Lenders offering Reverse Mortgage:

  • State Bank of India (SBI)
  • National Housing Bank (NHB)
  • LlC Housing Finance
  • Punjab National Bank (PNB)
  • Indian Bank
  • Central Bank of India
  • Andhra Bank
  • Corporation Bank
  • Canara Bank
  • Dewan Housing Finance Limited (DHFL)

Reverse Mortgage Loan-Enabled Annuity (RMLeA)

A Reverse Mortgage Loan-enabled Annuity product is an advanced Reverse Mortgage product. In a Regular Reverse Mortgage product, the Bank calculates and makes monthly payments to the borrower directly. While in RMLeA, the Bank makes a lump sum payment to a life insurance company, which calculates the monthly payout, based on actuarial pricing models, that it will pay for lifetime. This monthly payment is called annuity and is typically higher than monthly payouts you would get from a regular reverse mortgage. The insurer is able to give higher payouts because it invests the lumpsum amount and earns returns on it. Because the bank pays in lump sum to the insurer, the interest is levied upfront to the entire amount. Under regular Reverse Mortgage, interest would accrue only on payouts. So, if a borrower dies say within an year, under RMLeA the bank will recover the entire loan amount whereas under the regular Reverse Mortgage, only payouts will be recovered. You should understand both products well, before opting for one.

Companies offering RMLeA

Currently, Star Union Dai-chi Life Insurance Co. Ltd., in association with Union Bank of India and Central Bank, is the only company offering RMLeA products. It offers two kinds of RMLeA products:

  • With return of LumpSum – In this, the insurer pays the lump sum back to the bank. In this case, the Bank recovers its principal amount from the insurer and the interest portion is recovered by selling the property or from legal heirs.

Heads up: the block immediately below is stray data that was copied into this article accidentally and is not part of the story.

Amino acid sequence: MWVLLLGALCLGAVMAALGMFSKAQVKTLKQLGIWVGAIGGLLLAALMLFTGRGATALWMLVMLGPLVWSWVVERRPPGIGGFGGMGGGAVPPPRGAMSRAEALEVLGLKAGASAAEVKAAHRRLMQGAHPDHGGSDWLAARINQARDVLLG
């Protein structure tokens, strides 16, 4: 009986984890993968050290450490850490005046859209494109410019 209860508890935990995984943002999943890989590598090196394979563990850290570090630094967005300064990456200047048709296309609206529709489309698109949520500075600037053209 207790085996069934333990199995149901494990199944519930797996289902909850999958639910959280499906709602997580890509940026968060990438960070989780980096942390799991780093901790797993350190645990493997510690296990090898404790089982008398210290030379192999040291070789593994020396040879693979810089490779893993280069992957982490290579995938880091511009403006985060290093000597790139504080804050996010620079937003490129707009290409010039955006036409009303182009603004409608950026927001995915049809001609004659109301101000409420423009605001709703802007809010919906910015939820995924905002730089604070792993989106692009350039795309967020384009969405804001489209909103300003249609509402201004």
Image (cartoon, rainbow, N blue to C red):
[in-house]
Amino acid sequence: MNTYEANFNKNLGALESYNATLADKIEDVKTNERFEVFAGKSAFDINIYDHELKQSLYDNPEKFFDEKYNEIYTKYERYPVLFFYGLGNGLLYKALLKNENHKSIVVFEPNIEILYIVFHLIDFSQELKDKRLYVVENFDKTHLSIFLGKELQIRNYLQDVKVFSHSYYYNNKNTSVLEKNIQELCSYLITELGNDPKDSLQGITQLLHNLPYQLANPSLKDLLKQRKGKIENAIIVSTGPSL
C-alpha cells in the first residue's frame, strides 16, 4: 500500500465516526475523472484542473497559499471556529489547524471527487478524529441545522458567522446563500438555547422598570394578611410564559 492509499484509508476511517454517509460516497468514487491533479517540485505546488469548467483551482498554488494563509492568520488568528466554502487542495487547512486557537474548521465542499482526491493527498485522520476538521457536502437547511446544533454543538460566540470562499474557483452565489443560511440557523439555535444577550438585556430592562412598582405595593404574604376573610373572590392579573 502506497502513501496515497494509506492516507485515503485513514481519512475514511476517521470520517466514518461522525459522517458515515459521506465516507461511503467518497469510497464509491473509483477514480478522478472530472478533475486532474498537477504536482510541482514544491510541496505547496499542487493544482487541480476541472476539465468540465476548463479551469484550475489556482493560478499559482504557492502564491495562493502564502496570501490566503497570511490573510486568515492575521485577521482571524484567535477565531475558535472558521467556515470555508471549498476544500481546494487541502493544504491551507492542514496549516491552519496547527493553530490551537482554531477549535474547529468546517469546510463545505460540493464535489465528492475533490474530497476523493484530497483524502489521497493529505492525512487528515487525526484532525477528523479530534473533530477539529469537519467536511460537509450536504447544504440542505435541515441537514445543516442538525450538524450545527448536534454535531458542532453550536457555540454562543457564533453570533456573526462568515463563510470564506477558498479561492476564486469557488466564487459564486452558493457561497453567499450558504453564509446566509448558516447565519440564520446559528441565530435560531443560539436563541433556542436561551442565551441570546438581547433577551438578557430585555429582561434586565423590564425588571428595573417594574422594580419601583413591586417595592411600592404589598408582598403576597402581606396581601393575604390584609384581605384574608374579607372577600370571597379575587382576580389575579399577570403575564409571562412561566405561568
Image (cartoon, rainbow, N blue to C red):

• Without return of LumpSum – In this, the insurer will not return the lump sum amount back to the Bank and therefore, the monthly payout is highest in such schemes.

In both cases, the loan amount can be increased if the value of the property increase substantially. As per NHB guidelines, maximum Loan to Value (LTV) ratio allowed is 60% for a 60 year old borrower.

Illustration – Regular Reverse Mortgage vs RMLeA

Rajat Sharma, 60, a retired government servant, owns a property worth Rs. 1 Crores and is willing to take a Reverse Mortgage scheme. His payouts in a regular Reverse Mortgage Scheme and RMLeA scheme are shown in the table below:

  • Value of the house – Rs. 1 Crores
  • Age of Borrower – 60
  • Rate of Interest – 12.75%
ParticularRegular Reverse MortgageRMLeA
Payment Period20 yearsLifetime
Loan to Value (LTV) Ratio90%55%
Loan ValueRs. 90 lakhsRs. 55 lakhs
Lump Sum Payment to BorrowerOption of up to Rs. 3,56,126 for medical requirements onlyOption of up to Rs. 13,75,000 for medical requirements only
Monthly PaymentRs. 8,218Rs. 24,709*
Amount to be recovered by the bank upon death of borrower after 20 yearsRs. 90 lakhsRs. 6.4 Cr.